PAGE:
Kuwait and Oman don’t have the political influence necessary to broker such a deal and Iran will wisely keep well away from the Gulf which is to put it mildly, the most anti-Tehran region this side of Los Angeles. Iran will offer a lot of wise commentary on the issue, but will not politically intervene in the region, contrary to what some Gulfi and Salafist propaganda might say.

That leaves the United States which has a tremendous military presence in Qatar but also a notably one in Saudi Arabia. America is an ally to both and some would define both sates as having an inter-dependant relationship with the United States.

That being said, Donald Trump appears far less likely than his predecessor to want to get his hands dirty in a local Arab spat, however wide-reaching this spat may become.

While Russia could possibly broker a deal, first of all, Russia would only do this if both Qatar and Saudi called for it. Egypt would almost certainly be happy about this, but the Gulf states while not enemies of Russia, generally read from a totally different geo-political page. Still though, such a scenario isn’t impossible.

Russia could evenwork with Turkey. If such a thing is possible in Astana over the much more heated issue of the Syrian war, than it may be possible in respect of the Gulf. That being said, such a thing is still a long way off.

4. Pretext For War With Iran 

This scenario is one that ought to be dealt with, if for no other reason than to address the fact that such an absurd hypothesis is still being seriously entertained by many people. It is time to put such things to rest.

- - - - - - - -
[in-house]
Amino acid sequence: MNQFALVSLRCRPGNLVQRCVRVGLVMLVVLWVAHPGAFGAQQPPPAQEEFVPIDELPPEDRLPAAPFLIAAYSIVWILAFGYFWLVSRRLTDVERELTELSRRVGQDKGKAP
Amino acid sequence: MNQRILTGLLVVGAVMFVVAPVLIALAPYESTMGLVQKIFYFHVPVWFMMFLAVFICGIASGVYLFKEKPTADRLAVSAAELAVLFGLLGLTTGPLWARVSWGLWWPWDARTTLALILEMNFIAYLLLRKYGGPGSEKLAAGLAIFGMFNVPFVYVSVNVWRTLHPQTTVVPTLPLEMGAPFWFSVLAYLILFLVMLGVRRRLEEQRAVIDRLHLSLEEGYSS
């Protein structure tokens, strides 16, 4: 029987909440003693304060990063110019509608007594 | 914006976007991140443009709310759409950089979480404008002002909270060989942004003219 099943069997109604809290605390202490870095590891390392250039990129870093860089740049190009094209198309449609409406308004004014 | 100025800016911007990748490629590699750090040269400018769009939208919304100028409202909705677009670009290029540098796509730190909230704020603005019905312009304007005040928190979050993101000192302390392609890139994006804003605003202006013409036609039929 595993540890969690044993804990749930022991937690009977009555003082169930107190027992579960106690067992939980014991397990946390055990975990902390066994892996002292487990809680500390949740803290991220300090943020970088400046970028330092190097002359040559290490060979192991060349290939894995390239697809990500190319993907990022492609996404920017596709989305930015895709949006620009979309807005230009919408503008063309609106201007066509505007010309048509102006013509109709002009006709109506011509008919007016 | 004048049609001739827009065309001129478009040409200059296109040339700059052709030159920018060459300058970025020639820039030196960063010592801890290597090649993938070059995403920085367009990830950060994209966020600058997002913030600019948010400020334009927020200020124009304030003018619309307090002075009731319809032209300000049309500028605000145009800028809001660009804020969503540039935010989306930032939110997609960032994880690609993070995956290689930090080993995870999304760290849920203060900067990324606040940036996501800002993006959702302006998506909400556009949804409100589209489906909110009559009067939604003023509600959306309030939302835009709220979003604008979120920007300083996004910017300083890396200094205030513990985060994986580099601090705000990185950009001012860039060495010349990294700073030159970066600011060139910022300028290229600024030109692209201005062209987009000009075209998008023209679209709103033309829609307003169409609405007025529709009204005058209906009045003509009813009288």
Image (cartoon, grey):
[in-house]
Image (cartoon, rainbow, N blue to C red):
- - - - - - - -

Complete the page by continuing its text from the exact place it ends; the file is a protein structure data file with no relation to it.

No US President from Jimmy Carter up through Donald Trump has gone to war with the Islamic Republic of Iran. Most have sought to destroy Iran but none of the them attempted to do so directly, because none of them could.

Iraq with both Soviet and western weapons could not do it in the 1980s and Iran has become far more powerful since then, in more ways than one.

Saudi and America were never going to be able to unite the Arab world against Iran. Iraq is now pro-Iranian and Ba’athist Syria is an Iranian ally. Lebanon has its own problems and its most powerful and well organised military party, Hezbollah would actively fight for Iran.

Egypt has its own problems and would simply look the other way.

Crucially, Pakistan which both Saudi and Qatar would rely on to provide mercenaries in the event of a war against Iran, has carefully refused to follow the Saudi led path to isolate Qatar. Pakistan is ultimately looking out for itself and sees no reason why it should alienate any Gulf country.

If anything, recently developments make the possibility of a war on Iran less likely because the most anti-Iranian region in the Arab world, the Gulf, is now witnessing an internal crisis. So much for an ‘Arab NATO’, something that was doomed to failure the moment such a shambolic phrase was uttered.

Iran looks more and more like the stable ancient state that it always has been. Meanwhile, the Gulf has descended into the tribal, familial fighting that says a lot about just how ‘state like’ the Gulf ‘states’ really are.

5. Hot Saudi War on Qatar 

The United States will simply not allow Saudi and Qatar to fight each other on a field of battle. When it comes to ascertaining who has the best military in the Gulf, the answer is simple: America.

America, with the soldiers and equipment it currently has stationed in the Gulf, could win any war it wants among rival Gulfis. This is why not even a rogue Gulfi general would be so stupid to try and act unilaterally in this way.

Some might dream of it, but in this case ‘The American Dream’ is the only fairy-tale which matters in the Gulf.

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Tape recorded evidence of Clinton-Ukraine meddling in US election surfaces (Video)